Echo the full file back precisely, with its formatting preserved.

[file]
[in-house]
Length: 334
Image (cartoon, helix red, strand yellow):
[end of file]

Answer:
[in-house]
Length: 334
Image (cartoon, helix red, strand yellow):